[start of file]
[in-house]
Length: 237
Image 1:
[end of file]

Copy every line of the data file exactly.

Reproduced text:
[in-house]
Length: 237
Image 1: